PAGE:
The evening birds bowed and slid through the breezes and
called to one another. The largest of the gulls laughed as he swung inland
past an old house built of ships timbers and moored amidst some blown and
bent trees on the cliff. The safe valley where it lay made a safe harbor
in any storm. The stern windows from a galleon were it's eyes and a Man-O-War's
lantern swung from a davit in the front yard. Light from a cooking fire
slipped out of the windows and puddled onto the ground outside.
An updraft caught the wind-sailor, and he heeled on the starboard tack. The squat, gray town seeped into his coal eyes and the search for food dragged the bird inland.
As flotsam dribbled on the beach after a storm, so the
town lay in no particular order or pattern. It smelled of fish heads and
sweat. Even the night air refused to refresh this place. The bird flew
low and watched as dirty narrow streets with cobbled thoroughfares stumbled
betwixt the aged buildings with overhanging upper stories looking like
so many faces in pain.
The town was preparing itself for sleep. Large featured, round women were spooning greasy children into their beds. All was quiet, save for the band of happy dogs running 'round the stone-colored drunks who cuddled the curbs and huddled in darkened doorways, wincing at the night.
The gull watched as the rear door of "The Olde Rat's Tail" opened and dumped it's smoky noise into the night. A volley of refuse exploded from a bucket onto the sand in back and the door groaned quickly closed as if it were afraid to draw any good air into it's diseased lungs.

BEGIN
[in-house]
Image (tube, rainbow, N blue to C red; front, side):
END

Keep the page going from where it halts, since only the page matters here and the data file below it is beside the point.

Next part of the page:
Alighting amidst the garbage, and selecting a particularly gruesome delicacy of a fish's eye, the bird listened through the clink and cluttered din, to another rat's tale.
"He's either completely daft, or he's a witch, and that's what I'm a-thinkin'!" said an old scow of a man who's beak echoed the parrot's on his white-stained shoulder.
"Aye, 'tis true. He's a strong and handsome lad. I'll lay he's not a season past his twenty-sixth summer. But a strange one he is at that!" wheezed another.
The leader of this group, Reeka the Hairless, tipped back his chair and along with it his pewter tankard, downing the whole pint. This wasn't his first drink and it was at least a fathom to his last. His yellowed head held no hair and his face looked like the bow of an old fishing schooner. His one good eye was like the slime of the bilges and the gold ring in his ear was his only redeeming feature. He looked around the motley crew at his table and said, "All of the lasses in town have been chummin' for him for years ... and with diverse kinds of bait too!"
A laugh grumbled through the attended scavengers.
A large-breasted woman scuttered by with a face that had
seen too many things in a short time. Her ale-stained dress was tucked
up at the hip and a slick leather apron hung from her waist. Reeka reached
out to grab her bottom and sneered,
"Even Mattie here has had her hooks out for him, haven't ye, love!"
With a move that reeked of too much practice, Mattie caught his hand before it could touch her and deftly bent his thumb back to his wrist! His howl of pain brought a chortle from the ragged mouths.